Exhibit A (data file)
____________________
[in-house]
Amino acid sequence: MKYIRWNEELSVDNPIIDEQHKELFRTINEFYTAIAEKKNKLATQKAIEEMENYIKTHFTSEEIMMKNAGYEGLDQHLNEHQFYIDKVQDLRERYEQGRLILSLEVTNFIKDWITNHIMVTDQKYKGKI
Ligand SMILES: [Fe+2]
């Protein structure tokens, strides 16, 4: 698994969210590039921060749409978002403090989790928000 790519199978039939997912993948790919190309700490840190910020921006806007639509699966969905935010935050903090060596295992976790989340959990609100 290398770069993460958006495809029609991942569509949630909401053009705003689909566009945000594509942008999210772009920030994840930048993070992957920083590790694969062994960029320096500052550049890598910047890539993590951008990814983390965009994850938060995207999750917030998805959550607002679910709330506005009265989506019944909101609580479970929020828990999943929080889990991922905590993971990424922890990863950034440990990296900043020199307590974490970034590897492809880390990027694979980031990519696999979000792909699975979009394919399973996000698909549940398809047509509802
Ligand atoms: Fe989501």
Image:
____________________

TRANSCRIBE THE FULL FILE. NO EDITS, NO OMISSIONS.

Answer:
[in-house]
Amino acid sequence: MKYIRWNEELSVDNPIIDEQHKELFRTINEFYTAIAEKKNKLATQKAIEEMENYIKTHFTSEEIMMKNAGYEGLDQHLNEHQFYIDKVQDLRERYEQGRLILSLEVTNFIKDWITNHIMVTDQKYKGKI
Ligand SMILES: [Fe+2]
């Protein structure tokens, strides 16, 4: 698994969210590039921060749409978002403090989790928000 790519199978039939997912993948790919190309700490840190910020921006806007639509699966969905935010935050903090060596295992976790989340959990609100 290398770069993460958006495809029609991942569509949630909401053009705003689909566009945000594509942008999210772009920030994840930048993070992957920083590790694969062994960029320096500052550049890598910047890539993590951008990814983390965009994850938060995207999750917030998805959550607002679910709330506005009265989506019944909101609580479970929020828990999943929080889990991922905590993971990424922890990863950034440990990296900043020199307590974490970034590897492809880390990027694979980031990519696999979000792909699975979009394919399973996000698909549940398809047509509802
Ligand atoms: Fe989501």
Image: